Kaede nodded again as she thought back to the conference in Alis Avern after the war started. At the time, Duke Hugh was against sending troops to the Garona front. Nevertheless, the late Emperor forced his hand, and 10,000 men from Rhétie were dispatched to reinforce Marshal Cosette in the end.
“Nevertheless, since Gabriel raised his flag against the late Emperor Geoffroi, my father has lost any confidence that Rhin-Lotharingie may emerge victorious from this conflict,” Henri expressed with a scowl that signaled he himself mostly agreed. “Since then, Father’s priority has switched to damage mitigation — to reduce the losses our family is likely to suffer in the eventual peace.”
“And your father thinks Gabriel might make a better peace deal?” Kaede asked with a tone that betrayed how absurd she considered this to be.
“Yes.” Henri replied with a firm nod. “Being entitled ‘Defender of the Faith’ has clearly proven that Gabriel has significant backing from the Church, and therefore influence within the Imperium. In addition, he has promised my father that he will only sacrifice lands in the Kingdom of Garona in any peace treaty that will eventually be signed. In the worst case scenario, Garona will be abolished as a Kingdom in the treaty to come, and any lands the Imperium insists on taking from Rhétie will be compensated to our family from lands in Garona.”
Roland must be spinning fast enough in his grave to electrify Outremont. Kaede scowled as she considered how far the La Tour family had sunk, from ‘guardians of the Empire’ to nobles who openly sacrificed Lotharin interests.
Worse yet, if such a peace deal were to go through, the people of Garona would remember it as Lotharin betrayal for generations to come. Such events would likely shift the fundamental identity of the Garona people, as they move away from the rest of Rhin-Lotharingie to forge an independent group.
And this is how Empires rot, when the elites care more about themselves than their state.
“Is this what Your Lordship also believes?” The Samaran girl then asked.
“I agree with my father in that the Empire is unlikely to emerge from this war without territorial losses,” Henri responded. “However, I disagree with him on the role our family still has to play. Because even if we are to lose territory, it is important that we fight hard to raise the cost of each kilopace of land seized from us.”
“In which case, Your Lordship also realizes the importance of having a capable sovereign at the helm to lead the Empire through this difficult time,” Kaede steered the conversation back.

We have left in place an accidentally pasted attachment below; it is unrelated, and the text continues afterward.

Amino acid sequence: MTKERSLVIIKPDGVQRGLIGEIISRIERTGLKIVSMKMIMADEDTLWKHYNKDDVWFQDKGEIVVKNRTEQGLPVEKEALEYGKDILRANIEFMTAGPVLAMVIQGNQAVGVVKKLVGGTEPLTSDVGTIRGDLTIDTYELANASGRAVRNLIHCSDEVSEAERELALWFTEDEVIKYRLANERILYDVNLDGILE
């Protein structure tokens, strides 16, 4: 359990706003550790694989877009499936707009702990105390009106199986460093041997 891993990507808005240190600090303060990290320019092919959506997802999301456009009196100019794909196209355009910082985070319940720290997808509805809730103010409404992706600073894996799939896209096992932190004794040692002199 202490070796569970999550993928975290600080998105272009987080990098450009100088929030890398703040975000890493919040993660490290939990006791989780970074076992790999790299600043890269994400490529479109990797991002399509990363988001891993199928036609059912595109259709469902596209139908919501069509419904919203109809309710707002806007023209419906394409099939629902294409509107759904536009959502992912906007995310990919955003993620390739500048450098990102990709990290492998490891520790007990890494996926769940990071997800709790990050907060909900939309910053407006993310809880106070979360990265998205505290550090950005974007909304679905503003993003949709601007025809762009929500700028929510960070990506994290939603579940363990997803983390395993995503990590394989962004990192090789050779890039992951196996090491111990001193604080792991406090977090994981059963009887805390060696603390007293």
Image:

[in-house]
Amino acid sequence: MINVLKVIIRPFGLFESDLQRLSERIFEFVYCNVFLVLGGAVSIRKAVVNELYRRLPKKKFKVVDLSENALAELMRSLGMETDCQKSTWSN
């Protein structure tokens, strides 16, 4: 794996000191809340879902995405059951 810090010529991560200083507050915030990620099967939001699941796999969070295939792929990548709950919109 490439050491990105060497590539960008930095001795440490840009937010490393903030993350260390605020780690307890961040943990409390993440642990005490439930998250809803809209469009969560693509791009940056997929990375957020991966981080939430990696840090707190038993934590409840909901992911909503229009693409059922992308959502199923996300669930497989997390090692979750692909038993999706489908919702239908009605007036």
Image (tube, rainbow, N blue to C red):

“Yes, which is why I wanted to hear just what kind of character Her Highness has, as well as her fiancé, who clearly served as her closest military advisor.” Henri said with a knowing smile.
I suspected as much. Kaede smiled back as she was finally able to confirm where their interests met.
After all, when it came to diplomacy, the best outcome wasn’t a negotiated compromise, but rather a ‘win-win’ solution that promoted the interests of both sides. The tricky part was to find out where the two sides’ objectives overlapped, as well as on how to build enough trust for the two parties to cooperate instead of antagonize.
— And now that she understood the concerns of House La Tours as well as Henri’s own views, it meant she could focus her efforts on portraying Sylviane and Pascal as the ‘better solution’, at least in comparison to Gabriel.
“Speaking of which,” the familiar took the opportunity to bring in an old topic. “Back in Outremont, Your Lordship said that Pascal ‘had to fight a war against his instincts’ — what did you mean by that?”
“Your Excellency has a keen memory for details.” Henri chuckled as he sat back into the armchair. “Based on my information, I believe His Grace the Landgrave has certainly performed better in Avorica than anyone has reason to expect. But I would also venture to claim that he wasn’t the right man for the job.”
Kaede felt an immediate urge to defend Pascal as she opened her lips. But before she could speak a word to interject, Henri raised his gloved hand to indicate he had yet to finish.
“His Grace was taught in the Weichsen ways of war, with a focus on decisive battles and offensive operational maneuverability where he holds the initiative. The Weichsen army is built to bring superior forces and spellpower to a single focal point in the conflict, where they may attain a tactical victory to exploit as operational and strategic advantages.
“This, however, does not match the Lotharin way of war in the slightest.” Henri pointed out. “Especially not when an offensive specialist like His Grace is forced to fight a defensive campaign.”
“You’re speaking of indirect approach and guerilla warfare?”
Kaede quickly caught on as she thought back to all the campaigns and battles she researched back in Alisia Academy. If there was one trait above all that described the Lotharin way of war, it was their preference to avoid pitched battles against the better equipped and more disciplined Imperial Legions. Instead, they relied on skirmishes, ambushes, and raids to slowly wear down their opponents until the odds swung decisively in their favor.